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If you are a property landlord errors in your bookkeeping can make it very difficult to monitor your profits and keep track of expenses, as well as monitoring yields on investments. 

Here are five tips to manage your books as a landlord and prevent the possibilities of an investigation by HM Revenue and Customs (HMRC) into your property income.  

1. Update your books on a monthly basis 

Only a handful of landlords maintain their books monthly. Consequently, when the year end approaches, they are left with a mountain of bank statements and expense receipts across their property portfolios. This gives accountants a mammoth task that’s often more expensive and long-winded than it should be for landlords. 

2. Reconcile your books 

Set time aside to reconcile your books. This means checking off your rental income and expenses against your bank account entries. Regular reconciliation of your books will ensure that everything is inputted correctly into your self-assessment tax returns and that no income or losses are unaccounted for. 

3. Don’t send your rental income through a personal bank account 

Using a personal current account to operate your property portfolio is one of the more common mistakes landlords tend to make. We would always advise landlords run their rental income and expenses from an account that is separate from your personal living costs.  

Not doing so requires you or your accountant to spend more time separating business and personal expenses.  

4. Keep track of your expense receipts 

One of the biggest issues landlords experience is misplacing or losing expense receipts. Without a record of your expenses, it’s impossible to prove your expenditure related to property letting, for example, improvements or alterations on a property in your portfolio. Subsequently, you are unable to claim tax relief on your outgoings, either in your annual accounts or when you come to sell a property.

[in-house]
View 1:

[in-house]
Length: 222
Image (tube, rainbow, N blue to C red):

An easy way to save hours of landlord admin is to record your expense paperwork instantly using the Receipt Bank app or a similar expense scanning app service. This software allows you to send photos of your expense receipts from your smartphone directly to your accountant. You can also automate regular supplier invoices, as well as electronic receipts, ready for bulk processing. It all helps to create a more accurate financial picture of earnings from your property portfolio. 

5. Keep your files organised 

Make sure your files, whether paper or electronic, are organised so that your tax reporting is as accurate as possible. Not having the necessary files or information to hand can increase the drain on resources for bookkeeping. 

Landlords should always ensure they have the following files and documentation close at hand: 

  • A basic register for all capital expenses, which can be used to offset against capital gains when a property is sold. 
  • A separate file for ongoing and regular income and expenditure. 
  • Regular statements from your business bank account – making it easy to reconcile your income and expenses. 
  • A file containing all correspondence from HMRC, including your proof of filing and tax codes. 

Whether you let out rooms in your own home or additional properties within your overall portfolio, we can help to organise your tax affairs, ensuring that you pay the tax you owe – and not a penny more. 

Arrange a free initial consultation in-person or via video with us today by calling 0800 0523 555 or by using our online enquiry form. For a fixed fee, we’ll tailor your tax support to your circumstances so that you only pay for the services you need. 

Last updated: 22nd October 2020

This article is intended to inform rather than advise and is based on legislation and practice at the time. Taxpayer’s circumstances do vary and if you feel that the information provided is beneficial it is important that you contact us before implementation. If you take, or do not take action as a result of reading this article, before receiving our written endorsement, we will accept no responsibility for any financial loss incurred.

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